What I am saying is that in our area it isn’t the wisest choice. I know a few people that have been hit while riding a bike in Japan and…I don’t really know that many people. A few weeks ago a 40 year old man in our neighborhood was hit and killed.
Interestingly I read several articles about bike accidents and fatalities in Japan before I wrote this article. I had to laugh because the articles were so biased towards the cyclists. I read through the comments and agreed with most of them. The problem is not all about “reckless cyclists” it is a failure to provide a safe environment for people riding bikes.
A comment left by bloneintokyo on one of the articles:
“58 percent of the 790 respondents said they cannot abide by the traffic rules while cycling because of bad traffic conditions.”
If they are talking about the difficulty of riding in the road, then this is true. There are spots where it is positively dangerous for cyclists to be in the road because there’s too much traffic and just no space for cyclists to ride alongside. I nearly get sideswiped about every week, and It can be really scary. In those cases I can’t really blame cyclists for wanting to be on the sidewalks at least some of the time. Police should be taking this particular violation on a case by case basis, at least until there is better infrastructure for cyclists.”
Anyhow-
I guess this summer  I’ll be spending a lot of time at home. My MRI showed torn but not severed ligaments. There is also a chip in the bone. Thankfully I won’t need surgery. The doc fit me with a nifty knee brace that I have to wear for two months and along with rest and ice, I should heal up by the beginning of October.
I did want to spend more time on my writing……

6 thoughts on “When it isn’t something you feel comfortable with…riding a bike.

  1. Your blogging friend is right — this is very interesting!
    We have fewer of the issues you mention here: roads are wider, traffic laws are generally abided by and enforced — but still, when I am driving on our two lane, striped road and encounter a cyclist, I am nervous, as there are blind curves and very narrow shoulders. It would be easy to have a head-on collision with another car or hit a cyclist, neither of which would be good!
    Thanks for describing your part of the world so well!

    I’m SO glad your injury wasn’t worse!

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    1. Well then…I’m glad I wrote it. And you know me Dimple-I strive to give an honest account of what I encounter. This is truly what I experience here so I think it’s best not to try and ride around on a bike as my major means of transportation. Walking is just fine….

      I too am thankful that I don’t need surgery! I’m being a good patient and doing just what the doctor said. Praying for quick healing.

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  2. Awesome sauce. Glad you elaborated about where you live and biking. I was trying to make a point that before even trying to bike, most people are afraid and won’t even try. I grew up biking when there was way less traffic and thankfully, the Portland bike movement has hit the suburbs with more bike lanes. By picking your route cautiously, it is possible to bike safely. I’m just not into saying it’s dangerous without even trying it.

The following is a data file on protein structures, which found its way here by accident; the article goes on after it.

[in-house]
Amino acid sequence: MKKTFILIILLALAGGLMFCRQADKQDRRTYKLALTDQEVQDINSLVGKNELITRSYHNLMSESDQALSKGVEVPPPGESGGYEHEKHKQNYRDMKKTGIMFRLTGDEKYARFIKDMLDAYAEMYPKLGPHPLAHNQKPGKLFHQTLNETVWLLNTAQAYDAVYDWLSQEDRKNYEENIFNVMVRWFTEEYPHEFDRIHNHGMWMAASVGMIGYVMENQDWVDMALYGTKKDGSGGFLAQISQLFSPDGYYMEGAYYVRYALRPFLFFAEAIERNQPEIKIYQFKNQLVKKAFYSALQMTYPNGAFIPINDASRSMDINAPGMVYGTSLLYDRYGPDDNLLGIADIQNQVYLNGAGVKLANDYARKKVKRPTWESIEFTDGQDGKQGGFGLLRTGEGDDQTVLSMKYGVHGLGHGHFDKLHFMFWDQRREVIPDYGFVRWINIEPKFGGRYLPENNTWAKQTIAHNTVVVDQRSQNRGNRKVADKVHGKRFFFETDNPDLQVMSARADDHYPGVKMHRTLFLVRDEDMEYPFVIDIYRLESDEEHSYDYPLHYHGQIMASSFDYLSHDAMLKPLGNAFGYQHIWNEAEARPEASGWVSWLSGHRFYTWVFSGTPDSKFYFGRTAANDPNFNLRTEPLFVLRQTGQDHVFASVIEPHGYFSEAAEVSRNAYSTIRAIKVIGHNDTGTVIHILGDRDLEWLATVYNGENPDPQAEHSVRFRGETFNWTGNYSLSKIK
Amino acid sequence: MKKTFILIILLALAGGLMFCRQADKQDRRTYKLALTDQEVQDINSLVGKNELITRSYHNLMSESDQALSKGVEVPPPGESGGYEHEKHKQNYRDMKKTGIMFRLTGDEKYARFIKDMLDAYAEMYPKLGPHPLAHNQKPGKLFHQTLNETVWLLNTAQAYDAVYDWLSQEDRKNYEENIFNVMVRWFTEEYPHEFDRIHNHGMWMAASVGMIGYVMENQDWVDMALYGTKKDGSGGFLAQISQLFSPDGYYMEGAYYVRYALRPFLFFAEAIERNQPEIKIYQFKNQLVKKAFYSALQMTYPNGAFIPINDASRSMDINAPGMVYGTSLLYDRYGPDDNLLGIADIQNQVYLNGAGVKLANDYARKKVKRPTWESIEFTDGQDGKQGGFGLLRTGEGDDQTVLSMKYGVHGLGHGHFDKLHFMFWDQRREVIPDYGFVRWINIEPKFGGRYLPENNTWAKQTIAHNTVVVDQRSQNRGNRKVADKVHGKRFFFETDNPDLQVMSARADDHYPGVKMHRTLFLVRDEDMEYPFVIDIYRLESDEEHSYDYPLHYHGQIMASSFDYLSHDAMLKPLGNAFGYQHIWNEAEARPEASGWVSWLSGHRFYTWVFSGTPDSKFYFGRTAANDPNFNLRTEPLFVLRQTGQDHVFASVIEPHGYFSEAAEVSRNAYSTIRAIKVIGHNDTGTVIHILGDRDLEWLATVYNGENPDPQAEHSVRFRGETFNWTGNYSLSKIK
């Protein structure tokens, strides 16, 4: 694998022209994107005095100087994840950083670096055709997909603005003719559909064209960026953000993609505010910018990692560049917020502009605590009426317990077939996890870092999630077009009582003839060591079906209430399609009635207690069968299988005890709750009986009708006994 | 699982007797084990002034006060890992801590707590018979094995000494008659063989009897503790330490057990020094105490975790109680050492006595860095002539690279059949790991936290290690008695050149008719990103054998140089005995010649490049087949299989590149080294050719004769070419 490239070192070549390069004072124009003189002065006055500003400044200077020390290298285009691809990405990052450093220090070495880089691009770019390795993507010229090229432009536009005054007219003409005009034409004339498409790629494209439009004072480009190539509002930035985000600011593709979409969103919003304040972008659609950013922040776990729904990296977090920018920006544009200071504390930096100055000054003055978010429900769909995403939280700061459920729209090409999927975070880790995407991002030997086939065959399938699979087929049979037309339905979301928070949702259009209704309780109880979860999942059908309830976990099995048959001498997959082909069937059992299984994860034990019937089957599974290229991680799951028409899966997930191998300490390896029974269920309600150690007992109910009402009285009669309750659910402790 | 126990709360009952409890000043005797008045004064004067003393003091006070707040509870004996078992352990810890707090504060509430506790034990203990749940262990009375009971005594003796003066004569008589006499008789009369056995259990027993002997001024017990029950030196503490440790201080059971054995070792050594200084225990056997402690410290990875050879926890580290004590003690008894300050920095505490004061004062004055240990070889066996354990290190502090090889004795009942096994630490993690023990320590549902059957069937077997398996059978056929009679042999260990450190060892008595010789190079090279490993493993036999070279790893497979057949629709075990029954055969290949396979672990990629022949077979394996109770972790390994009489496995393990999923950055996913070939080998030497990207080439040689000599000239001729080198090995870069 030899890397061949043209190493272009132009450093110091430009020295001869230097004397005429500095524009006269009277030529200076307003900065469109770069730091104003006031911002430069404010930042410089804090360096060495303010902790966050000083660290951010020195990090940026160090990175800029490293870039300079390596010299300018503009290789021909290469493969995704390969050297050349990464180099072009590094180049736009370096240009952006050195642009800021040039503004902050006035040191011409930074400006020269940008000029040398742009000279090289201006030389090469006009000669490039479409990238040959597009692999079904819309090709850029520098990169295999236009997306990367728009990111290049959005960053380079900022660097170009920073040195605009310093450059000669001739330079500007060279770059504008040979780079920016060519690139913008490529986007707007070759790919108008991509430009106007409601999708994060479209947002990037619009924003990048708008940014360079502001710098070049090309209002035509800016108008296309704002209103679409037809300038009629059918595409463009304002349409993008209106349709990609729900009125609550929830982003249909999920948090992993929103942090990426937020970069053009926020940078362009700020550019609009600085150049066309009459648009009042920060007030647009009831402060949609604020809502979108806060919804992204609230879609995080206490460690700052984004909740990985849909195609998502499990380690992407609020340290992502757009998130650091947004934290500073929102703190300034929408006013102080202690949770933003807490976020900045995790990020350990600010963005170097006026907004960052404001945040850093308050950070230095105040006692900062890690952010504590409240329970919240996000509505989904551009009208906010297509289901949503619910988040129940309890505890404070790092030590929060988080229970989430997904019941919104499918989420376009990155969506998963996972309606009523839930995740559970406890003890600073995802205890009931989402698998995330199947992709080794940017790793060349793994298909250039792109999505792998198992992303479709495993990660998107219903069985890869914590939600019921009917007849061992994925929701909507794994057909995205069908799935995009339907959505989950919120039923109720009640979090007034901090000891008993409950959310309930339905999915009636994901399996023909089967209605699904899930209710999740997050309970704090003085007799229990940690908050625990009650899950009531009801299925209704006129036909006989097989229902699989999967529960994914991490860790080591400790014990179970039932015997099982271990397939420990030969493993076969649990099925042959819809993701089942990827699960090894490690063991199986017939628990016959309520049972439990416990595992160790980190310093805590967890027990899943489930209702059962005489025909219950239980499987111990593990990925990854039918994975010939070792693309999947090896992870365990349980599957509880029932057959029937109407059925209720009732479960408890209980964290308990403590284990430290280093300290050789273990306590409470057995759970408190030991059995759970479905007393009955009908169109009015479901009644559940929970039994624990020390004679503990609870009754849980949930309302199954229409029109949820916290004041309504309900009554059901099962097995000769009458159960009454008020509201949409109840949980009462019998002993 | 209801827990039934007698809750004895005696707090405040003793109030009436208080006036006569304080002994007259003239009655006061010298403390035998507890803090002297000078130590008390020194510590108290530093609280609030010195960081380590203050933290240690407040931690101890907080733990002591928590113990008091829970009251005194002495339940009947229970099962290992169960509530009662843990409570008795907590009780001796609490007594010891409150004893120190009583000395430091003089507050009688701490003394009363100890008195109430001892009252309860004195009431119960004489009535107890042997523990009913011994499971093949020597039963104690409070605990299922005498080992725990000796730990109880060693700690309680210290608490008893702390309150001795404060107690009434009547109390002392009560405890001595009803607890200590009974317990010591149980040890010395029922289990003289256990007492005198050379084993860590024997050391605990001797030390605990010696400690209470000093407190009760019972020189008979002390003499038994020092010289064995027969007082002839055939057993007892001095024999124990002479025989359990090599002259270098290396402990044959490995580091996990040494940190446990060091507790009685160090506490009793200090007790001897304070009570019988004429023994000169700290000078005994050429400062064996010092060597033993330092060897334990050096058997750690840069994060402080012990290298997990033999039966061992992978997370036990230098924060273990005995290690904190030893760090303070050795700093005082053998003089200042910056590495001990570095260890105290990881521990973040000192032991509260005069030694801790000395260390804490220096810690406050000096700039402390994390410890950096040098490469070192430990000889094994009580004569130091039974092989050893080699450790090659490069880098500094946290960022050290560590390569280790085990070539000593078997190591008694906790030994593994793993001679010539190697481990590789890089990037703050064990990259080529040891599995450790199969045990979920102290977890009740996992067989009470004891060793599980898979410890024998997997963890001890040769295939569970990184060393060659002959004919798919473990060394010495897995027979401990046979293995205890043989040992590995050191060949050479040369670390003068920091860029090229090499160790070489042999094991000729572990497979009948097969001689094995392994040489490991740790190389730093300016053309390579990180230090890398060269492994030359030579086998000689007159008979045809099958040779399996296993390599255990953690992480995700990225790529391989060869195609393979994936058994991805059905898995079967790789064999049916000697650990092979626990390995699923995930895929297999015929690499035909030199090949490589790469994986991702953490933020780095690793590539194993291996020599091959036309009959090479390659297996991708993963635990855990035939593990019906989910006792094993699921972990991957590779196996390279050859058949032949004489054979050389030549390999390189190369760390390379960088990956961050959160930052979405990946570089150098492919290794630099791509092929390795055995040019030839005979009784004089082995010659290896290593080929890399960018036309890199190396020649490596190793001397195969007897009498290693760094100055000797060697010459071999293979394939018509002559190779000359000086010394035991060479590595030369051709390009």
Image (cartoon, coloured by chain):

And I know about Japan’s skinny lanes. I followed my friend (and yours), Janine, in kyoto and there was a telephone pole about 22″ out from the house wall. In the street was a city bus plus a car and since janine biked through that opening, I just closed my eyes and sailed through hoping my shoulders would fit. Here’s hoping bicycle lanes get more precedence in upcoming road projects.

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    1. As I was just saying to kpplaza, when we finally move I’m thinking the area will be fine for bike riding. Wide open, not so many hidden little alleys and such. I’m sure I can ride a bike to where I need to go. That will be a plus!

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  3. This reminds me of my experience in Japan in 1960 when on my bike I was run over by a fellow on a motor cycle. He was drunk. I took him to the police station, hobbling along with a bloody knee. They forced him to pay for my bike repairs (150 yen) and let him go. But I have ridden a bike in most of my other Asian countries and find just as much trouble, in fact even more, at being safe. In India I got knocked over by a bus, and find India far worse than Japan. I rode my bike there for 2 years and found back ways to get to my destinations. In Indonesia I would never again ride a bike as it is the fastest, biggest vehicle has the right away. But Japan was the safest of all places by far. Even China and Vietnam are busy but Japan was safer. I think Japan does have some rules to follow but not paying attention is the problem. We rode our bikes for 2 years in Numazu and never had a problem. But we have years of Asian bike riding experience. I don’t blame you for not wanting to risk bike riding but so much can be seen if one knows the back ways to get to places. Keep safe and protect that knee. Bikes are not good for knees anyway.

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    1. Wow! You were brave to even get on a bike again!! I’ve been surveying the roads where we will live in the future and I’m pretty sure once we move, a jitensha will suit me! Jitensha being the old fashioned style of bike everyone around here rides. I’m looking forward to that!